Wednesday, December 26, 2012

A Better Version of Ourselves


“We have to think about what a saint actually does, what role a saint performs. A saint is a person set apart for their holiness. The saint is still a human being, of course, still a sinner. There is a famous quote by Fr. Bernard Carges that says: ‘A saint is a sinner who keeps on trying.’ But the seriousness of that trying, the relentlessness of that trying, marks the saint as beyond a normal human being. The saint thus becomes a model for everyone else struggling to make difficult choices, to behave well when there are so many motivations for behaving less-than-well. But it is even more complicated than that. It was always acknowledged, from the time of the early Christian saints, that the vast majority of human beings would never achieve a saintly level of holiness. So the saint is both a model and an impossible standard. The fact that the saint takes on the task of living life at a higher and unachievable level adds meaning to the lives of everyone else. For many centuries, human beings seem to have enjoyed stories of the saints as a way to acknowledge their own limits. People have been glad that saints exist and simultaneously glad that they do not have to be saints. There is a tension in those two feelings but not, I think, a contradiction. Confronting a saint is like confronting a better version of yourself, a version that you know you cannot ever become.”-- The Secular Saint: Philip Roth is ready to retire, but we can't bare to let him go,” http://www.thesmartset.com/article/article12171201.aspx

For Jerry V. Araos who'd certainly approve of something like this

& Rolly who turns a blushing maroon at declarations like this


someone said
in her sms before
christmastide that
i was slowly growing angel wings
& i was alarmed at
the mere suggestion of it

i thought i had better beware
& put a total stop to that
angelic silliness
get out of the buddhist stillness
by doing some wicked sinning
over the holidays
with the mutual consent
of the weekend lover
i have kept in a house with a garden
on a blue hill
beyond manila’s city limits

we would try going beyond human limits
like we did when our bodies were younger
& we had a kamasutra book to guide us

back then he could still declare
in true macho fashion
we’d try all those positions
our limber legs & limbs & hands & mouth & loins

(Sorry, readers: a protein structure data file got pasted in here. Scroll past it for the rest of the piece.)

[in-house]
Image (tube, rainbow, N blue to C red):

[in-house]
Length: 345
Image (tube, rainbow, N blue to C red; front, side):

could manage before we could get down to
procreation

but this season when we had the house
to ourselves, the children far away,
before he & i could get mid-way
to the planned orgy…

but does something like this
count if we’re married?
(even albert finney in two for the road
wondered aloud before audrey hepburn
went down on him inside
a two-door mercedes benz) 
...the news hit us
with the force of an alex rodriguez 
swing for another yankee home run 
that our favorite saint or sinner 
“thinner or paint” 
had hopped out his body 
& joined the ranks 
of merry sinner/saint augustine
the thomas who doubted 
the elizabeth of hungary 
who opened her cloak 
one winter morning 
& wondered why 
roses, not bread,
fell out of it

like a cake left out in the chill 
of a baguio morning 
we felt the momentum 
of our lovemaking grind,
as in a car, not the movements
of two pelvises,
to a frustrating halt, 
the both of us regretting
the evaporation of lust


it was just as well 
here’s a grade of excellent, 
we could hear jva saying 
from somewhere 
where there's a place for him,
it's a grade of "a " for effort

& that was when my 
unimagined lover & i
restored the gestures
that befit our age: 
the reassuring hugs
the loving back rubs
the lunch out on christmas day

sometimes my hand would be 
spurned now & then
because it had gone cold & dry
from the loss of he,
the big little prince,
who had warmed my soul,
my loss felt across the eons
of unseen miles dividing
earth & heaven

--Babeth Lolarga 
Dec. 26, 2012
7:17 a.m.
Photo of a blue Himalayan poppy from the World Wide Web

Memorial program for Jerusalino V. Araos at 10 a.m. on Dec. 27, 2012, at his garden in Antipolo City. Please omit flowers.
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